Canadian health officials said the death toll could hit 8,900 by mid-month.
Finance Canada provided little insight into when it would begin unwinding the CERB program in particular, saying only that it would "make necessary changes to the program later this summer so people can have the help they need while supporting the recovery".
The federal Liberals are to layout this afternoon how they see the virus affecting government finances for the fiscal year including an estimated deficit and a projected path for the economy.More news: Tesla 'very close' to stage 5 autonomous driving technological innovation, Musk claims
Spending levels are on a similar level to the spending during the Second World War. They will point to the size of our deficit for 2020-21.
The federal debt is set to pass $1 trillion, by the Finance Department's estimates.
Finance Minister Bill Morneau is to release what the government has styled a fiscal and economic snapshot. The Minister says that the federal government has used its strong fiscal position to stabilize the economy and support Canadians by putting in place the largest economic aid package in generations. The federal debt-to-GDP is expected to rise to 49.1 per cent from 31 per cent. Economists expect the economy to contract by 6.8 per cent in 2020, before rebounding by 5.5 per cent in 2021.More news: World Health Organization looks into possibility of airborne coronavirus transmission
"Our government knew that the cost of inaction would have been far greater", he said. But the road towards recovery remains long and uncertain. Today, and in the months to come, our economic health will largely depend on our public health.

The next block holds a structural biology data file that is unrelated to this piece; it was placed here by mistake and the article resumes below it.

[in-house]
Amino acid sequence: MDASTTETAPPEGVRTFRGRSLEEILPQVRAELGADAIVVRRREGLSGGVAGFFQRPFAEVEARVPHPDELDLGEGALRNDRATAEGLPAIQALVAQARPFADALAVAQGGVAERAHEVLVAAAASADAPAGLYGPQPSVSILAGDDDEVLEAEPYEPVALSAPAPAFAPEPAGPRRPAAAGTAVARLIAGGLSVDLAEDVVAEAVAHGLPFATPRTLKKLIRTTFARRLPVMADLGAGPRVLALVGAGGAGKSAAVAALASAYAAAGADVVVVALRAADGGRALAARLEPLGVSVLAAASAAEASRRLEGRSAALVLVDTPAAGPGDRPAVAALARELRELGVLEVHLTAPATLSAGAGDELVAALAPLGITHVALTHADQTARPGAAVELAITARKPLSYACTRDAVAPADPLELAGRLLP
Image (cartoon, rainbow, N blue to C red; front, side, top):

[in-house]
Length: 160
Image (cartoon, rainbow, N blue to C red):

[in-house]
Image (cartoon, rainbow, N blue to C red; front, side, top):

This has been doled out through a number of aid programs for Canadians, such as the Canada Emergency Response Benefit ($53.53 billion), the Canada Emergency Student Benefit ($1.42 billion), the Canada Emergency Wage Subsidy ($18.01 billion) and various top-ups to benefits such as the GST, Old Age Security and Canada Child Benefits, as well as loans and grants for business of all sizes. "Representing almost 14 per cent of Canada's gross domestic product (GDP), the Plan includes more than $230 billion in measures to protect the health and safety of Canadians and provide direct support to Canadians, businesses and other employers, and up to $85 billion in tax and customs duty payment deferrals to meet liquidity needs of businesses and Canadian families".
Conservative leader Andrew Scheer, the leader of the opposition, called it a dire picture. Instead, Justin Trudeau once again put Liberals first.More news: Undermanned Nets sign veteran Jamal Crawford
During the news conference, Trudeau said that he speaks "reasonably regularly" with President Trump and that he planned to congratulate him on the new trade agreement between Canada, Mexico and the U.S.